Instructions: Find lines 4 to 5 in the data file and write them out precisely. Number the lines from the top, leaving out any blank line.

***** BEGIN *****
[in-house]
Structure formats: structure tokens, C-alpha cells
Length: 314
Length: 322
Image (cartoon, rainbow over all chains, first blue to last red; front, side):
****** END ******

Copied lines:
Length: 322
Image (cartoon, rainbow over all chains, first blue to last red; front, side):